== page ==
Paper Co-Authored by Henrik Cronqvist Exploring Genetics and Home Ownership Wins ARES Manuscript Prize for Innovative Thinking

Well, he’sthey’vedone it again. Henrik Cronqvist, the McMahon Family Chair in Corporate Finance, George R. Roberts Fellow, and associate professor of financial economics, has produced another notable paper that continues to explore the roles “nature vs. nurture” play in financial decision-making. The paper, Genetics, Homeownership, and Home Location Choice, just won Best Paper in the American Real Estate Society’s 2012 Manuscript Prize competition, in the category of “Innovative ThinkingThinking Out of the Box.” The paper was co-authored with Stephan Siegel, assistant professor of finance at University of Washington’s Foster School of Business, and Florian Muenkel, a Ph.D. student at the University of Washington. (Siegel has worked with Cronqvist on other papers in this range of research.)

More than 200 papers, among 20 categories, were submitted for the ARES Prize this yearan average of about 10.5 papers per category, with prizes ranging between $1,000 and $2,500. Cronqvist, Siegel, and Muenkel’s submission studies the factors that determine people’s choices to own versus rent their homes, and also what determines where people choose to live (for example, an urban or a rural location).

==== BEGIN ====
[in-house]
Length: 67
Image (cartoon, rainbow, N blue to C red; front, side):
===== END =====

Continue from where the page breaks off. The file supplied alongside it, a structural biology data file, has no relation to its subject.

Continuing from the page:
“We conclude that genetic factors are partially responsible for the choices people make with respect to the housing market,” Cronqvist says.

A link to the full paper, as well as links to other published papers by Cronqvist, can be found here.

In addition to winning an award, Genetics, Homeownership, and Home Location Choice was also published recently in the Journal of Real Estate Finance and Economics.

“The paper,” Cronqvist says, “is one part of an ongoing research agenda we have been pursuing since I joined CMC in 2008, that attempts to understand the roles of nature vs. nurture in financial decision making.” The nature vs. nurture angle in financial economics seems to have had mass appeal, capturing a fair share of media attention, including a spot in TIME last fall. (Read about that here, and view links to other papers in their exploratory series.)

Cronqvist concedes that media interest in their research has been “terrific,” but students also are finding the topics engaging, which “goes hand in hand with teaching,” he says.

The project, Genetics, Homeownership, and Home Location Choice, was sponsored by CMC’s Financial Economics Institute and the Lowe Institute of Political Economy.